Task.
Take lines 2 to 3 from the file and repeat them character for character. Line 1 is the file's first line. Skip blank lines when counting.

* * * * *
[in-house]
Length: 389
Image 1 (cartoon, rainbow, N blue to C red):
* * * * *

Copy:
Length: 389
Image 1 (cartoon, rainbow, N blue to C red):